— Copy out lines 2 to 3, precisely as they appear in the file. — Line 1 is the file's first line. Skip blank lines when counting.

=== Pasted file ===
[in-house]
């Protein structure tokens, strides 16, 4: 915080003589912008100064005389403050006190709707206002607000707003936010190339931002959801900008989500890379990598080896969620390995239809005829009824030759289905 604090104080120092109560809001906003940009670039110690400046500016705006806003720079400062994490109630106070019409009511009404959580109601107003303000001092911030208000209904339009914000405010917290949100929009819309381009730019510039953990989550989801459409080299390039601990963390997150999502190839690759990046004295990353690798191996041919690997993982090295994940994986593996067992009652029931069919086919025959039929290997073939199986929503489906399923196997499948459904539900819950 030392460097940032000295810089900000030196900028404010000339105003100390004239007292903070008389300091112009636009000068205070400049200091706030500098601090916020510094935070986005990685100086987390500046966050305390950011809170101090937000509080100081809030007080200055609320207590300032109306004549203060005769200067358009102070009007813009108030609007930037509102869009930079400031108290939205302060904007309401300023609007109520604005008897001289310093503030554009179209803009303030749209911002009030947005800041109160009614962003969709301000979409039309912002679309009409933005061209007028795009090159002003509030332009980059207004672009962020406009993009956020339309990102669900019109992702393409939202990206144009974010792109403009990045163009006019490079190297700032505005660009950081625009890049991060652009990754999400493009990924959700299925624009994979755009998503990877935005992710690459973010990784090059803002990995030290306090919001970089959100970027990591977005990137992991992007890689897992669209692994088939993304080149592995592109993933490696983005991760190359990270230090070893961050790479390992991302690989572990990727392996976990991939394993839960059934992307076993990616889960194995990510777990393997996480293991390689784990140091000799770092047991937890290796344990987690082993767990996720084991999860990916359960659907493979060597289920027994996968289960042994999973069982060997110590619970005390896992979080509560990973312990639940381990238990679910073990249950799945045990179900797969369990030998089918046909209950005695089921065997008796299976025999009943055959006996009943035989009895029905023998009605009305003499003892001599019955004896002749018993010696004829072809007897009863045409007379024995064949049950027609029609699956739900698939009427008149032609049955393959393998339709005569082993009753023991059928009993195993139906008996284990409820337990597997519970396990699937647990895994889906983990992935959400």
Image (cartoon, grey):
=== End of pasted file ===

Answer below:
């Protein structure tokens, strides 16, 4: 915080003589912008100064005389403050006190709707206002607000707003936010190339931002959801900008989500890379990598080896969620390995239809005829009824030759289905 604090104080120092109560809001906003940009670039110690400046500016705006806003720079400062994490109630106070019409009511009404959580109601107003303000001092911030208000209904339009914000405010917290949100929009819309381009730019510039953990989550989801459409080299390039601990963390997150999502190839690759990046004295990353690798191996041919690997993982090295994940994986593996067992009652029931069919086919025959039929290997073939199986929503489906399923196997499948459904539900819950 030392460097940032000295810089900000030196900028404010000339105003100390004239007292903070008389300091112009636009000068205070400049200091706030500098601090916020510094935070986005990685100086987390500046966050305390950011809170101090937000509080100081809030007080200055609320207590300032109306004549203060005769200067358009102070009007813009108030609007930037509102869009930079400031108290939205302060904007309401300023609007109520604005008897001289310093503030554009179209803009303030749209911002009030947005800041109160009614962003969709301000979409039309912002679309009409933005061209007028795009090159002003509030332009980059207004672009962020406009993009956020339309990102669900019109992702393409939202990206144009974010792109403009990045163009006019490079190297700032505005660009950081625009890049991060652009990754999400493009990924959700299925624009994979755009998503990877935005992710690459973010990784090059803002990995030290306090919001970089959100970027990591977005990137992991992007890689897992669209692994088939993304080149592995592109993933490696983005991760190359990270230090070893961050790479390992991302690989572990990727392996976990991939394993839960059934992307076993990616889960194995990510777990393997996480293991390689784990140091000799770092047991937890290796344990987690082993767990996720084991999860990916359960659907493979060597289920027994996968289960042994999973069982060997110590619970005390896992979080509560990973312990639940381990238990679910073990249950799945045990179900797969369990030998089918046909209950005695089921065997008796299976025999009943055959006996009943035989009895029905023998009605009305003499003892001599019955004896002749018993010696004829072809007897009863045409007379024995064949049950027609029609699956739900698939009427008149032609049955393959393998339709005569082993009753023991059928009993195993139906008996284990409820337990597997519970396990699937647990895994889906983990992935959400």
Image (cartoon, grey):